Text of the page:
It’s the eve of Thanksgiving and I just put down a book, Intimate Relationships, which talks mostly about marriage. It’s one of those scholarly type books that one doesn’t just breeze through. The section I read tonight talked about the dissolution of marriage and loss. Interestingly, the topic of widows and widowers was mentioned, all in one relatively short paragraph. The paragraph stated that “the magnitude of the loss is hard for outsiders to comprehend” and, over time, ratings of life satisfaction are higher than those who are divorced but not as high as those who are married. Ummm…duh.
With so much insight I began thinking about my experience and adjustments to date, nearly 11 months, of being a widower.
So where are the big adjustments? To begin, I feel that I was a fairly well-functioning adult when I got married—as much as any 23-year-old may be—so I already had some knowledge on how to cook, take care of a house, and raise children. None of those skills vanished with the “I do” and where well honed over the long marriage to Carrie. So my adjustment to widowerhood has not been so much about learning the “how tos” but adjusting to the withouts. Although I feel that I am in a place of contentment in my widowerhood, there are many withouts, many healthy and normal relationship aspects that I miss.
So here is a short list and some of my thoughts on withouts:
I miss someone invading my personal space…and invading someone else’s. By nature or perhaps nurture, I am a touching type of person. So I miss having someone who I welcome into my space, the physical proximity. Likewise, the lifelong invitation to invade another’s space is missed. Whether it is hand holding, a light caress, or just sitting together so close its hard to tell where one ends and the other begins. The absence is a big adjustment.
I miss sharing history. I miss the “remember when” stories. Those shared memories of some event or occasion where the details of one memory are brought together with the other’s memory. Although I still have my perspective, it is an adjustment to not have the rest of the story.
I miss the emotional intimacy. Really, it’s all forms of intimacy but I think it begins with the emotional. I miss having a safe place to share the frustrations and joys of life. I miss having a person with whom I can readily express intellectual and spiritual insights. I miss being there for someone else, knowing everything about another which gives context to shared thoughts and feelings. This is another area of big adjustment.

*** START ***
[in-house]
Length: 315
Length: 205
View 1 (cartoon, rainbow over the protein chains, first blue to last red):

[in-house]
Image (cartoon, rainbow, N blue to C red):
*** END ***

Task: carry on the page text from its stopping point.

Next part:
I miss having someone to pour love into. I am finding this one hard to put into words. The idea centers upon the work involved in making a marriage relationship great. This work is something I miss. The thinking about someone, the planning, and, finally, doing something to show how much the relationship means. It is the idea of giving oneself away, of personal self-sacrifice so the other might benefit. Of course I miss the reward of building mutual affection.
As I finish this post it is Thanksgiving Day in America. A day where I can truly say I am thankful. I am thankful that I had the “withs” so I can miss “withouts”. I recognize my blessings as there are so many who have never experienced them to begin with. Today I will gather with people who are very important in my life, eat a big meal, and be thankful together. I am thankful for these people and many others. They are walking this journey with me. I am thankful for a relationship with God through Jesus Christ who has orchestrated all that I am and who ultimately fills withouts.
So in spite of my widowerhood, I am thankful. And being thankful, I am also excited about the future. Excited about this journey of ups and downs and arounds, it’s called life.